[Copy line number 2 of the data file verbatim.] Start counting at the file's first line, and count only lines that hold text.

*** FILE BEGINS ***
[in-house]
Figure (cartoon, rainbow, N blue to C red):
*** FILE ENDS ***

Figure (cartoon, rainbow, N blue to C red):